Marginal Homogeneity test / StuartMaxwell test  overview
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Marginal Homogeneity test / StuartMaxwell test  Goodness of fit test 


Independent variable  Independent variable  
2 paired groups  None  
Dependent variable  Dependent variable  
One categorical with $J$ independent groups ($J \geqslant 2$)  One categorical with $J$ independent groups ($J \geqslant 2$)  
Null hypothesis  Null hypothesis  
For each category $j$ of the dependent variable:
$\pi_j$ in the first paired group = $\pi_j$ in the second paired group Here $\pi_j$ is the population proportion for category $j$ 
 
Alternative hypothesis  Alternative hypothesis  
For some categories of the dependent variable, $\pi_j$ in the first paired group $\neq$ $\pi_j$ in the second paired group 
 
Assumptions  Assumptions  
Sample of pairs is a simple random sample from the population of pairs. That is, pairs are independent of one another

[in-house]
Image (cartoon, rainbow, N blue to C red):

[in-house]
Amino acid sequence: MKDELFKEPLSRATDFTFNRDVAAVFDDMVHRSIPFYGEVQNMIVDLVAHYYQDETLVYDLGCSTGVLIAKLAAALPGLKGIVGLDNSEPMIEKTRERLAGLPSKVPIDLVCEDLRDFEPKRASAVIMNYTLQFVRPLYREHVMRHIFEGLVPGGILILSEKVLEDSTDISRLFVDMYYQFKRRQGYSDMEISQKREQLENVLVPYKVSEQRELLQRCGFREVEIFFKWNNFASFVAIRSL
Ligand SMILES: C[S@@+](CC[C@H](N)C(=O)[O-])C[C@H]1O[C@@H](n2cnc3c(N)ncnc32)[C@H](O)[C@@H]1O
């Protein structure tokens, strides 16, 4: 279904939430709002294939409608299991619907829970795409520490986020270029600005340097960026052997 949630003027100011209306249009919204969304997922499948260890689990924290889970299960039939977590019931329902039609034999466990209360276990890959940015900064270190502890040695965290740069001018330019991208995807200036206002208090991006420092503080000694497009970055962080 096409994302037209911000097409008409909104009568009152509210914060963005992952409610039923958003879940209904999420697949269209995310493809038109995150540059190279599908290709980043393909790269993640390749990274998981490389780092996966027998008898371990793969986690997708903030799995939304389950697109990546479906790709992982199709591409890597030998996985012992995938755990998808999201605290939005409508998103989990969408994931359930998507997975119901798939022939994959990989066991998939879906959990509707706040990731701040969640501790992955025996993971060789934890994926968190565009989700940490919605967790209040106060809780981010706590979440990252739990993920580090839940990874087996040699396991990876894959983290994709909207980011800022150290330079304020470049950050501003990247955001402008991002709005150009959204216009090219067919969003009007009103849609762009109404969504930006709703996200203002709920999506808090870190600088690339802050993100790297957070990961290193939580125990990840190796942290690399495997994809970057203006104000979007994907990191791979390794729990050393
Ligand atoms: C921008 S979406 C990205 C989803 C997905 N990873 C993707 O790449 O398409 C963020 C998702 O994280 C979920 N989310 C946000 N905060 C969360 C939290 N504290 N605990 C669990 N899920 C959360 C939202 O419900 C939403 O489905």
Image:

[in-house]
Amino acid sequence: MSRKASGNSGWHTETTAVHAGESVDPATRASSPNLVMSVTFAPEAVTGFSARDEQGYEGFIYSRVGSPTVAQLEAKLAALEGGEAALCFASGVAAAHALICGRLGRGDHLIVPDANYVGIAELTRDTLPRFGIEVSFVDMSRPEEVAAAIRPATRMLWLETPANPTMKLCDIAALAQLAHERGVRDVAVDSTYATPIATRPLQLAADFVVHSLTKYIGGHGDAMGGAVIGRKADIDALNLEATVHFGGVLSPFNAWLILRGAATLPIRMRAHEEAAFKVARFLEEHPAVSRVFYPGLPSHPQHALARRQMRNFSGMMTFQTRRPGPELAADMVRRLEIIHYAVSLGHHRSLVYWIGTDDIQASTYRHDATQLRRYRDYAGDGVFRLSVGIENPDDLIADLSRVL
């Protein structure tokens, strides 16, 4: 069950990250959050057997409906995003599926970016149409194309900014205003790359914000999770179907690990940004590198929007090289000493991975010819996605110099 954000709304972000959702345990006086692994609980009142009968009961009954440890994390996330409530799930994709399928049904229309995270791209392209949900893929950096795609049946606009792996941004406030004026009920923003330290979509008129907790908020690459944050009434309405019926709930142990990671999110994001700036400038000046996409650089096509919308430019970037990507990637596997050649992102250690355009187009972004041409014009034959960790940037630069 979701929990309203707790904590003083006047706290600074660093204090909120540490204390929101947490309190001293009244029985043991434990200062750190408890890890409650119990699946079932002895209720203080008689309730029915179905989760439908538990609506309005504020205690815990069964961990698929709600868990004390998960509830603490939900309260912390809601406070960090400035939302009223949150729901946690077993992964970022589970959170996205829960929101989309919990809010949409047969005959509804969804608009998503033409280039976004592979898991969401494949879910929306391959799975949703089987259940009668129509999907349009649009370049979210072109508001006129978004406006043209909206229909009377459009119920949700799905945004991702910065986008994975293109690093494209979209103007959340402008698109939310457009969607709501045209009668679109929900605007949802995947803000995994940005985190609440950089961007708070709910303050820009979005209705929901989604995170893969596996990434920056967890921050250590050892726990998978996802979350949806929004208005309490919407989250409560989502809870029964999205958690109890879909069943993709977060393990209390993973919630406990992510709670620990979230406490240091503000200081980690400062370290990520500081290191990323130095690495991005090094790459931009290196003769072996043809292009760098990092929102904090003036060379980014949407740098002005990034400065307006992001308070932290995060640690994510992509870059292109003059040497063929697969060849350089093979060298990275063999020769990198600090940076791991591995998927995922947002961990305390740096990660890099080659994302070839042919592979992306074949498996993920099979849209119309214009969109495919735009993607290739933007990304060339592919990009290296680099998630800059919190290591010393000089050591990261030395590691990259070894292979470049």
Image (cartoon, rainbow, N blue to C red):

Test statistic  Test statistic  
Computing the test statistic is a bit complicated and involves matrix algebra. You probably won't need to calculate it by hand (unless you are following a technical course)  $X^2 = \sum{\frac{(\mbox{observed cell count}  \mbox{expected cell count})^2}{\mbox{expected cell count}}}$
where the expected cell count for one cell = $N \times \pi_j$, the observed cell count is the observed sample count in that same cell, and the sum is over all $J$ cells  
Sampling distribution of the test statistic if H0 were true  Sampling distribution of $X^2$ if H0 were true  
Approximately a chisquared distribution with $J  1$ degrees of freedom  Approximately a chisquared distribution with $J  1$ degrees of freedom  
Significant?  Significant?  
If we denote the test statistic as $X^2$:

 
Example context  Example context  
Subjects are asked to taste three different types of mayonnaise, and to indicate which of the three types of mayonnaise they like best. They then have to drink a glass of beer, and taste and rate the three types of mayonnaise again. Does drinking a beer change which type of mayonnaise people like best?  Is the proportion of people with a low, moderate, and high social economic status in the population different from $\pi_{low}$ = .2, $\pi_{moderate}$ = .6, and $\pi_{high}$ = .2?  
SPSS  SPSS  
Analyze > Nonparametric Tests > Legacy Dialogs > 2 Related Samples...
 Analyze > Nonparametric Tests > Legacy Dialogs > Chisquare...
 
n.a.  Jamovi  
  Frequencies > N Outcomes  $\chi^2$ Goodness of fit
 
Practice questions  Practice questions